Guiding treatment for eating disorders and dementia using masticatory efficiency

Many individuals experience reduced chewing efficiency, including those with eating disorders (EDs) and dementia - partially due to muscle atrophy. Despite this, chewing efficiency is overlooked by current healthcare services.

Chewing efficiency is directly linked to nutritional intake, physical wellbeing, and quality of life.

We are working with individuals with eating disorders or dementia, family members and/or carers, and healthcare professionals. We are doing co-design end-user workshops, tool development and a 6-month feasibility trial.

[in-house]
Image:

Our novel system allows users to easily quantify their chewing ability. Based on the results, users are provided with a set of physical therapy exercises and foods (classified by how mechanically challenging they are) recommended for improving muscle strength to increase chewing efficiency. Initial trials suggest a significant improvement following use of the tool and adherence to the rehabilitation plan.

Use of tools to prevent or delaying chewing deterioration can significantly improve users’ quality of life, whilst also easing psychological strain on family and carers.

People: Dawn Branley-Bell